- Over four millennia ago, the fortress town of Gonur-Tepe might have been a rare advanced civilisation in remote western Turkmenistan.
- Magic mushrooms’ psychedelic ingredient could help treat people with severe depression.
- How best to define, diagnose and treat ‘mental illness’? Like trying to climb rain.
- Why living in the present is a disorder. Present Shock: When Everything Happens Now is available at Amazon US/Kindle & UK/Kindle.
- This British doctor specialises in resurrection and insists outdated resuscitation techniques are squandering lives that could be saved. Erasing Death: The Science That is Rewriting the Boundaries Between Life and Death is available at Amazon US/Kindle & UK (under a slightly different title).
- Scroll down here to several research links which show scientists’ confusion over calcium’s role in heart attacks, strokes and more. Perhaps the explanation is in research ignored for 70 years: Vitamin K2 and the Calcium Paradox (Amazon US & UK).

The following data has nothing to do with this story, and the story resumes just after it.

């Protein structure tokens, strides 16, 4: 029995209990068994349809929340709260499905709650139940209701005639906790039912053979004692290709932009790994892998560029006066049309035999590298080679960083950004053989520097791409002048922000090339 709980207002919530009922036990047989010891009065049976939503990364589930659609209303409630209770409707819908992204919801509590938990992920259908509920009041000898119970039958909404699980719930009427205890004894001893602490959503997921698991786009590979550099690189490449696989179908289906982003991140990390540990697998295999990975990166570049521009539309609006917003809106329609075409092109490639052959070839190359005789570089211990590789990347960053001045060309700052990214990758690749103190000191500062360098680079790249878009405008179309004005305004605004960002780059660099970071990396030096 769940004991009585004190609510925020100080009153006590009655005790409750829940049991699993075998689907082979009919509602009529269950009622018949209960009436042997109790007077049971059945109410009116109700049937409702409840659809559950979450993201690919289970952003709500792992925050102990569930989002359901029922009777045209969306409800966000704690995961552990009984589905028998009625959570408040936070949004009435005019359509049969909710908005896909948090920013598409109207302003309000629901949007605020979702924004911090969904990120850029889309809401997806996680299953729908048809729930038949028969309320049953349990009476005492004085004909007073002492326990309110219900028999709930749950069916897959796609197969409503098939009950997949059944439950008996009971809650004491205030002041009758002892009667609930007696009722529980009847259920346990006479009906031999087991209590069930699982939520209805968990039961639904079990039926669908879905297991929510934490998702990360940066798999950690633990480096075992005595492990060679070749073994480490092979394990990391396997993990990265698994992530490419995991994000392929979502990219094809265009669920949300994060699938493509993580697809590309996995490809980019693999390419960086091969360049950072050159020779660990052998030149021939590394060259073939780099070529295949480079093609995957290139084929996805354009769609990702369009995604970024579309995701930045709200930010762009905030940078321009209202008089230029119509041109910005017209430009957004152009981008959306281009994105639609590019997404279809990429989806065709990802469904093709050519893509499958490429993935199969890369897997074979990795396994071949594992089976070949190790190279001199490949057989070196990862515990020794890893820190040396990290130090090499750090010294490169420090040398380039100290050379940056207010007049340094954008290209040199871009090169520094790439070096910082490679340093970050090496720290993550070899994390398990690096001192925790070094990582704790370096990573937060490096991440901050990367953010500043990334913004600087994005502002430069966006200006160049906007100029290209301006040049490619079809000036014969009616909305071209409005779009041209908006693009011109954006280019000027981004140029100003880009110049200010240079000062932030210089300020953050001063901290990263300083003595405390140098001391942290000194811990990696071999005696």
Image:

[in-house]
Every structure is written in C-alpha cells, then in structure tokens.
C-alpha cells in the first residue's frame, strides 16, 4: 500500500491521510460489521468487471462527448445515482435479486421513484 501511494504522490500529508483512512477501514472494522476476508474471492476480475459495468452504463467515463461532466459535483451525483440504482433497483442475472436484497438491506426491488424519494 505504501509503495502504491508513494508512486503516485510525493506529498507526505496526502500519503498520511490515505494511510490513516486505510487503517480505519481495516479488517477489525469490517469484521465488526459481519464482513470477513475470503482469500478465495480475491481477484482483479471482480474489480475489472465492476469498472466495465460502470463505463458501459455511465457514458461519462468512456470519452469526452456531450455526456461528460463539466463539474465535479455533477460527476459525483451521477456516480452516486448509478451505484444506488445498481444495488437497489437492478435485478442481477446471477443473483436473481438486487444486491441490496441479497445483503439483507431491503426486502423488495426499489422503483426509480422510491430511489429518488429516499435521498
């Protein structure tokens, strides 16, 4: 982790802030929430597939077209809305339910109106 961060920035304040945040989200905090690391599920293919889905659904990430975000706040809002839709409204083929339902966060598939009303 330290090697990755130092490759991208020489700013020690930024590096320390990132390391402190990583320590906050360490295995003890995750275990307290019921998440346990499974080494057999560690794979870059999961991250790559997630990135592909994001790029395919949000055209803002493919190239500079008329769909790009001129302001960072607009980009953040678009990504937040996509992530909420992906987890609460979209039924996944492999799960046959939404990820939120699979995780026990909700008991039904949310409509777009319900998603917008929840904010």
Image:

- Ban the killer robots before it’s too late.
- The cost of reporting Mexico’s drug wars: Author of celebrated Blog del Narco speaks for first time about the dangers – and reveals she is a woman. An excerpt from Dying for the Truth: Undercover Inside the Mexican Drug War by the Fugitive Reporters of Blog del Narco (Amazon US & UK).
- Paranormal bloggers explain their interest: Science as propaganda. Is there a moral to the paranormal? Noticing the cat in the hallway.
- YouTube superstars: the generation taking on TV – and winning.
- NYC pay phones transformed into time machines.
- Last Shadow: Voracious aerial predator is the most brutally effective hunter in the animal kingdom.
Quote of the Day:
We haven’t started the [psilocybin-for-depression] study because finding companies that could manufacture the drug and who are prepared to go through the regulatory hoops to get the licence is proving very difficult. The whole field is so bedevilled by primitive old-fashioned attitudes. Even if you have a good idea, you may never get it into the clinic, it seems.
David Nutt, professor of neuropsychopharmacology at Imperial College London.